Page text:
Welcome anonymous guest

Please Support
TheBeachcats.com

Synthetic standing rigging anyone?  Bottom

Go to page 1 - 2 [+1]:

  • Anyone here replace the standing rigging on their boat with synthetic rope? I got a couple quotes to make up some replacement shrouds and I estimate I can splice up some dyneema for less than half the cost. Would love some feedback from anyone else who's done this to their cat.
  • It’s an option but I wouldn’t do it to save money. Hard to beat measured and assembled wires ready to go for a few hundred dollars a set. I still think stainless is the best abrasion resistant, low elasticity, uv resistant high strength material for your dollar. There may be some other reasons to try it, that stuff is magical, just not sure it’s a big dollar saver
  • I got a quote of $200 to replace a single shroud, which got me thinking about alternative solutions. Another option that I complete forgot about is to use nicro-press sleeves and stainless thimbles. I've never used them for standing rigging before, but on a boat this size it might just be the answer.
  • What type of boat? $200 a shroud sounds very high
  • jalexWhat type of boat? $200 a shroud sounds very high


    A 20-ish foot custom beach cat. Has 4 shrouds and a fore stay that are roughly 25 feet long. Yeah, I thought it was stupid expensive, but only one sailboat rigger in the area with a swaging machine.
  • gobigkahuna
    jalexWhat type of boat? $200 a shroud sounds very high


    A 20-ish foot custom beach cat. Has 4 shrouds and a fore stay that are roughly 25 feet long. Yeah, I thought it was stupid expensive, but only one sailboat rigger in the area with a swaging machine.

    Impressive: all of the catamaran's i have seen/sailed only have 3
    2 sidestays and 1 forestay.

    QuoteAnyone here replace the standing rigging on their boat with synthetic rope?

    I sail on a trimeran (f31) that has all dynema rigging. they use dynema dux from colligo - http://www.colligomarine.…m/colligo-dux-lifelines/

    this product is heated and stretched to almost eliminate creep and stretch (it is about the same as wire)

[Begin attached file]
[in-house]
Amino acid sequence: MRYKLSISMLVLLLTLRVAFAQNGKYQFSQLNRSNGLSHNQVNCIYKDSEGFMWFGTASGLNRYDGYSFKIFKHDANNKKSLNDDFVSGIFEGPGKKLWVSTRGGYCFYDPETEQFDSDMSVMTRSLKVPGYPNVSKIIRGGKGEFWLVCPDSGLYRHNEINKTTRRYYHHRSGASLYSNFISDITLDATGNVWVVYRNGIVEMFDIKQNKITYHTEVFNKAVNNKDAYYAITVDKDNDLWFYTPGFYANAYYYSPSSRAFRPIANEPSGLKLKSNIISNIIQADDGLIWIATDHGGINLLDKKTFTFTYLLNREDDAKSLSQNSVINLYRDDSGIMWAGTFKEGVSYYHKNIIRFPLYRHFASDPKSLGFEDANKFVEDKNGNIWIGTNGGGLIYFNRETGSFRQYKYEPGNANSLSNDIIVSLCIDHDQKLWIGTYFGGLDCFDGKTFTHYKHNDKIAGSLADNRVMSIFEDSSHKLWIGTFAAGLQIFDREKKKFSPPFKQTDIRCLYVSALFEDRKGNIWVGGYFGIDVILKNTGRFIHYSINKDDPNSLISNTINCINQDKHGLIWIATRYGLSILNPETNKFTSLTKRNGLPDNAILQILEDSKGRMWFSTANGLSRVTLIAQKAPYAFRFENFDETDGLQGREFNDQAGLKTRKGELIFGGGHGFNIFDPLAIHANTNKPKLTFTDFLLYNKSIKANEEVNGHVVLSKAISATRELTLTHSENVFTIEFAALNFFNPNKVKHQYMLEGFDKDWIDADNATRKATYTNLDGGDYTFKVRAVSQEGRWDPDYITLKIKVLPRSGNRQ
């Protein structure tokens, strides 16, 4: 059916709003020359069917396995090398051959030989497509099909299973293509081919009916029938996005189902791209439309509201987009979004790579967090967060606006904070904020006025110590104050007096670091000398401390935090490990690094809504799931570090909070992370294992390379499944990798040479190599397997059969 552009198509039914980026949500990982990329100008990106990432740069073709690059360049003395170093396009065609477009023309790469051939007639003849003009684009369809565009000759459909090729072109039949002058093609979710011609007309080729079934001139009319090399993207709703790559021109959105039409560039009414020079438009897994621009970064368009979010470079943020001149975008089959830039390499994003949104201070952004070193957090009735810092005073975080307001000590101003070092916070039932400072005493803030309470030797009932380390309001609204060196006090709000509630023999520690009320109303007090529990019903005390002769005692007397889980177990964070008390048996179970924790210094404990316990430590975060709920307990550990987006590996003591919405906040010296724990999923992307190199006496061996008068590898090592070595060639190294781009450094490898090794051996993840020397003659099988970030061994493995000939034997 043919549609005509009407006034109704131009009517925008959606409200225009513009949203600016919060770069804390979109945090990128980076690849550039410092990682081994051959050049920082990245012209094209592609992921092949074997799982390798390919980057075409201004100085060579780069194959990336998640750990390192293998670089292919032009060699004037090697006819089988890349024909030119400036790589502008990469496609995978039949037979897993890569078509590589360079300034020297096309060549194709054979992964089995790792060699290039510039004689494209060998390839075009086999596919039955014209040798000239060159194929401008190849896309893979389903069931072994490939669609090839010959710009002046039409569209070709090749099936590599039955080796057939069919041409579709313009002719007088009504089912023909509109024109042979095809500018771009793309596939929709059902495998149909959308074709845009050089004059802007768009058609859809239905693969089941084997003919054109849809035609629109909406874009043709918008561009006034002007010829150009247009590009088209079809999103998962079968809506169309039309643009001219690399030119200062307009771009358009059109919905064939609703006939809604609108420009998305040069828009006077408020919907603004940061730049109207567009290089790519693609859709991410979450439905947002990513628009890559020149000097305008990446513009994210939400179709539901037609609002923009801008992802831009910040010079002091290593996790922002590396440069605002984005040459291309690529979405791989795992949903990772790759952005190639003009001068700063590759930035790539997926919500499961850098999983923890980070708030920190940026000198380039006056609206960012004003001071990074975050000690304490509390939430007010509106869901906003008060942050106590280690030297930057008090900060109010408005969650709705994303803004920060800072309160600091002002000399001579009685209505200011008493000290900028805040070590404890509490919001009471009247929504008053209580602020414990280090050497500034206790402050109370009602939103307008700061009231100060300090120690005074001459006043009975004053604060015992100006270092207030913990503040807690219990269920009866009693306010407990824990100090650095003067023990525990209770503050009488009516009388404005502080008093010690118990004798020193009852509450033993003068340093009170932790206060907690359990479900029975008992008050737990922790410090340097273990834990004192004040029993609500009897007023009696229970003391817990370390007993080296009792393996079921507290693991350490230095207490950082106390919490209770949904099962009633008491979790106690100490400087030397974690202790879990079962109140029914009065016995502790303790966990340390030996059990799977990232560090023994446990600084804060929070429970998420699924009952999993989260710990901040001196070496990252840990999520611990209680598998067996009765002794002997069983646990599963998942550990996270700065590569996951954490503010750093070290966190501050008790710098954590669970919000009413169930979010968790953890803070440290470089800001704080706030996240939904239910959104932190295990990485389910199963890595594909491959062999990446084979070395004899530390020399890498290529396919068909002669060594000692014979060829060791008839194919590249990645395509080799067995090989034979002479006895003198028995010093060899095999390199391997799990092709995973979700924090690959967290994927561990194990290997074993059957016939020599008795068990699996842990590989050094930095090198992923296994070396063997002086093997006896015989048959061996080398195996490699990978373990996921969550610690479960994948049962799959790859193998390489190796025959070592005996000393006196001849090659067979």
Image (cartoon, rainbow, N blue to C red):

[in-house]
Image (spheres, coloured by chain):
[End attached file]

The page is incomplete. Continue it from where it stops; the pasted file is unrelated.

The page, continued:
Edited by MN3 on Aug 31, 2018 - 09:28 AM.
  • Quote
    A 20-ish foot custom beach cat. Has 4 shrouds and a fore stay that are roughly 25 feet long. Yeah, I thought it was stupid expensive, but only one sailboat rigger in the area with a swaging machine


    While I like to spend my money local, don't limit yourself to the only guy with a swaging machine. I ordered custom size rigging from Salty Dog Marine and it fit perfect. Just know your measurement from thimble eye to thimble eye(or swage eye).

    Would interested to see some pics of your rig, never seen a double shrouded beach cat
  • JalexI ordered custom size rigging from Salty Dog Marine and it fit perfect.

    I had Salty Dog do my rigging as well - double swages on all ends.
    Exactly as I ordered.

    --
    Sheet In!
    Bob
    ___/)________/)_______/)__/)____/)_____/)/)__________/)__
    Prindle 18-2 #244 "Wakizashi"
    Prindle 16 #3690 "Pegasus" Sold (sigh)
    AZ Multihull Fleet 42 member
    (Way) Past Commodore of Prindle Fleet 14
    Arizona, USA
    --
  • gobigkahunaI got a quote of $200 to replace a single shroud, which got me thinking about alternative solutions. Another option that I complete forgot about is to use nicro-press sleeves and stainless thimbles. I've never used them for standing rigging before, but on a boat this size it might just be the answer.


    Murray's Marine/Sport can build custom rigging and for an inexpensive price... the good thing the next time you need it, they already have it "speced" out.. To be 100% accurate you should send what you want to replicated to Joel @ Murrays, but he can work from measurements too...

    Here are some hints on how to measure...

    http://lakesiderigging.com/wp-content/uploads/2018/03/Standing-Rigging-Figure-6-e1519938316629-1024x432.jpg

    https://pull01-apsltd.netdna-ssl.com/media/wysiwyg/howtomeasurestandingrigging_1.jpg

    --
    John Schwartz
    Ventura, CA

    Current - 1991 Prindle 18-2

    Former Boats:
    1981 Prindle 18 - Sybill
    2005 NACRA F-18 - Wingo Wango
    1999 NACRA Inter 20 - Junk Yard Heap
    1987 Prindle 18-2 - Dip Dung
    1990 NACRA 5.8 N/A - Smoke 6 Oh 6
    1990 Prindle 18-2 - Yea Boy
    1984 Prindle 18 - White Trash
    1986 Prindle 16 - Un-Employment Check
    1985 Prindle 18 - No Name
    1984 Prindle 18 - No Name
    --
  • The reason most people go to synthetic is to reduce weight aloft and usually the reason to do that is to get that last .01% edge in competition. Also, synthetic makes it easier to tension or un-tension the rig on the fly for changing conditions. Again, trying to squeeze the last .01% of performance out of the boat.

    I have ordered several full sets of standing rigging in SS from both Salty Dog and Murrays, 100% satisfied with both. Just give them good measurements.

    Just curious, why the 4 side stays?

    Thanks,

    Brad in Jax
    H16 sold
    H18 sold
    H18 sold for parts
    G Cat 5.7 sold
    Stiletto 27 needs work